"Why is there a "Highway to Hell" and only a "Stairway to Heaven"? A prediction of the expected traffic load?"  - Lee "theusch"

 

Speak sweetly. It makes your words easier to digest when at a later date you have to eat them ;-)  - Source Unknown

Please Read: Code-of-Conduct

Atmel Studio6.2/AS7, DipTrace, Quartus, MPLAB, RSLogix user

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WTH???

 

I thought I was posting a new post, and my new post ended up overwriting most of my previous post 22!  That has NEVER happened before.  Not sure how I can recover that post...

 

 Anyway, here's some test code I came up with, using a test button, a display button, and buttons to inc or dec the loop delay by 25us each press.

 

#define TEST_BUTTON_MASK	(1<<0)
#define DISP_BUTTON_MASK	(1<<1)
#define DEC_BUTTON_MASK		(1<<2)
#define INC_BUTTON_MASK		(1<<3)


char Buf[LCD_WIDTH+1];

void delay_25us(u8 count)
{
  while (count-- != 0)
  {
    _delay_us(23);
  }
}

void display_count(u8 count)
{
  sprintf(Buf, "C: %u   ", count);
  lcd_display(0, 1, Buf);
}

void display_us(u8 count)
{
  sprintf(Buf, "US: %u   ", 25*count);
  lcd_display(0, 1, Buf);
}

int main(void)
{
  u8 last_button = 0;
  u8 button;
  u8 input;
  u8 count = 0;
  u8 delay_count = 0;
  
  DDRC = 0x80;	// PORTC7 output, 3-0 button inputs
  PORTC = 0x0F;	// C7 active low, pullups on 3-0
    
  lcd_init();
  lcd_display(0, 0, "Hello World!");

  while(1)
  {
    if (delay_count != 0)
    {
      delay_25us(delay_count);
    }
    
    input = ~PINC;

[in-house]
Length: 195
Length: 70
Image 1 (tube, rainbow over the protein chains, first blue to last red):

button = input & TEST_BUTTON_MASK;
    if (button & !last_button) // leading edge of push
    {
      count++;
    }
    
    else if (input & DISP_BUTTON_MASK)
    {
      display_count(count);
      count = 0;
      _delay_ms(500);
    }
    
    else if (input & INC_BUTTON_MASK)
    {
      delay_count++;
      display_us(delay_count);
      _delay_ms(500);
    }
    
    else if (input & DEC_BUTTON_MASK)
    {
      delay_count--;
      display_us(delay_count);
      _delay_ms(500);
    }

    last_button = button;
  }
}

The results, with the common little PCB buttons, are as follows:

 

0us added delay: 50 pushes - 55 to 70 pushes detected

100us added delay: 50 pushes - 50+ pushes detected (I had more at least 1 time, but didn't write down the number)

200us added delay: 50 pushes - 50 pushes detected, never any more

 

Didn't test with any other button types, but that would be an interesting followup.

 

This was on a 16MHz ATmega1281.

Last Edited: Tue. Oct 28, 2014 - 01:02 AM
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kk6gm wrote:
WTH???

 

I thought I was posting a new post, and my new post ended up overwriting most of my previous post 22!  That has NEVER happened before.  Not sure how I can recover that post...

A fellow 'Freak who does automated hourly backups might come to the rescue... smiley

 

Your post #22 looked like this:

kk6gm wrote:
Here's a basic button test loop, using 3 buttons - the "test" button, a display button and a reset button

 

// this code is in main() after all HW init

u8 button;
u8 last_button = 0;
u8 count = 0;
u8 pinb;

while (1)
{
    pinb = !PINB;  // invert active-low buttons;
    button = pinb & TEST_BUTTON_MASK;
    if (button && !last_button) // button is newly pushed
    {
        count++;  // count number of button pushes
    }
    last_button = button;

    if (pinb & DISPLAY_BUTTON_MASK)
    {
        display_count_on_your_particular_hw();
    }
    
    if (pinb & RESET_BUTTON_MASK)
    {
        count = 0;
    }
}

You're welcome. smiley

 

P.S. OT @Chartz: Loved my Massey-Ferguson too, except for the fact that it lacked a "live" hydraulic. So when it came time to pull fence posts, the "MF" was the last choice. wink

 

Regards,

Bill

Last Edited: Tue. Oct 28, 2014 - 01:52 AM
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meteor wrote:

 

kk6gm wrote:

WTH???

 

 

I thought I was posting a new post, and my new post ended up overwriting most of my previous post 22!  That has NEVER happened before.  Not sure how I can recover that post...

A fellow 'Freak who does automated hourly backups might come to the rescue... smiley